Average Productivity of Pirates

Facts: Figures 5a and 5b show the average number of pirated articles per active pirate per month. I.e. the figures show the "quotient" of figures 1 and 4.

Figure 5a: All data   Figure 5b: Last year

  • Plagiarism is not a singular mistake. The "average plagiarist" typically produces between 5 and 25 plagiarisms per month. If we look at individual pirates it's even worse. Pirated content can be created within minutes. It's not unusual that a single plagiarist creates 20 plagiarized articles per day.
  • Within the last 1,5 years there is tendency to excessive plagiarism: The productivity peaks of pirates are growing. Until March 2012 the average productivity of an active pirate was below 5 articles per month.  Since then new peaks were reached: 10, 17 and 25.

What Happened to Detected Pirated Content?

Facts: Pirated content can be in one of these states:
  • to be checked by the Community Council
    The article was tagged as pirated content but was not yet checked by the Community Council.
  • fixed
    The author removed plagiarized sections and fixed his article.
  • admindeleted, adminlocked
    The Community Council uses the tags for admindeleted, adminlocked in case of a verified plagiarism. This is typically an intermediate state and the article will be deleted very soon afterwards. However, in some seldom cases (and for reasons I don't know) articles can stay in this state for a longer duration.
  • deleted
    The article is deleted and no longer accessible in TechNet Wiki.
485 plagiarisms were detected since June 2013. Figure 6 shows their states on September 30th 2013.

Figure 6: States of detected articles
Let's have a look at the distribution of the article states:
  • to be checked by the Community Council (37%)
    The high amount of articles that still have to be checked by the Community Council is not typical. In general the Community Council checks articles on a short notice. However, a peak can occur if a larger amount of pirated content is detected in a short time, or if a vacation delays the check of articles.
  • fixed (< 1 %)
    In most cases pirated articles were completely stolen. However, in some rare cases articles were fixed.
  • admindeleted, adminlocked (3 %)
    This is typically an intermediary state and can be neglected.
  • deleted (59%)
    Rule of thumb: Nearly all detected articles were actually pirated and finally deleted.

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The charts show some remarkable results:
  • In some months up to 12% of all created articles were pirated.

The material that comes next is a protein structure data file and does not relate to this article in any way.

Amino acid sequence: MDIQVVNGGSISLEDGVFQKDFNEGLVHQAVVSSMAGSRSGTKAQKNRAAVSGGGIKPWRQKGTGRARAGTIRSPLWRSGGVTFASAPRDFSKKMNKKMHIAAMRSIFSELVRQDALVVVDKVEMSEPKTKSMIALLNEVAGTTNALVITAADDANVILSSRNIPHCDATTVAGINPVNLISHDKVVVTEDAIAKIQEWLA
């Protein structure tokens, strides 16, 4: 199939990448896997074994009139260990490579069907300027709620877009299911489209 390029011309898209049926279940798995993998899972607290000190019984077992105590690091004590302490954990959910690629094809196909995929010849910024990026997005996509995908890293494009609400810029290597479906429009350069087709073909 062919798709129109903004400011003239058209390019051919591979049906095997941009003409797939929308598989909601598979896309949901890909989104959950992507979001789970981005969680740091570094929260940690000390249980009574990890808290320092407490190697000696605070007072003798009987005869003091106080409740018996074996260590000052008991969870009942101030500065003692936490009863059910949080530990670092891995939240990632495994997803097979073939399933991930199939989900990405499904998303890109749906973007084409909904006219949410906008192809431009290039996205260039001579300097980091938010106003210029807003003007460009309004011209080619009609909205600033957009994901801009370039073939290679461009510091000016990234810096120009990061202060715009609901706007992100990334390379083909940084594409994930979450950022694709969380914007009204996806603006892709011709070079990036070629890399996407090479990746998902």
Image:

• There was (and still is) a tendency to excessive plagiarism: The average productivity of active plagiarists is increasing.
The charts also confirmed major findings of Plagiarism at TechNet Wiki - First Empirical Data Analysis from July 2013:
  • Plagiarism is not a singular mistake, and it's not done unintentionally.
  • Plagiarism is a problem which occurs in an order similar to spam:
    The first analysis mentioned 66 cases. 485 cases were detected until end of September 2013, and only a subset of all English articles was checked so far.
At least one of the old findings has to be relativized:
  • Nearly all new detected cases were stolen from one source (or at most 2 sources). Mashups from multiple sources were less frequent then initially expected.
One major point we have to work on is the awareness of the community. Only a small group of members reported pirated contents. I would like to thank (in alphabetical order)
As always it's hard to predict the future. I think the Community Council has the right mind-set and rules to cope with plagiarism at TechNet Wiki. However, if we want to succeed, your support is needed:
  1. You can easily do a plagiarism check using Google within seconds.
  2. In case you are not sure if an article is OK you can use Types of Articles Not Appropriate for TechNet Wiki as a guideline.
  3. Follow the instructions of Wiki: How to Report a TechNet Wiki Page.
The  plagiarism charts should be updated within the next one to three months. With additional results we could check
  • if the framework and rules of the Community Council work,
  • if we reach some kind of consolidation: The number of detected old plagiarisms is only slowly growing, and we can focus on checking new articles (which is much less work).

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See Also